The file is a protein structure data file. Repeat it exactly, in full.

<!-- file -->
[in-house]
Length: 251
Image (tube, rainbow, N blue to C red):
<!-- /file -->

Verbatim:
[in-house]
Length: 251
Image (tube, rainbow, N blue to C red):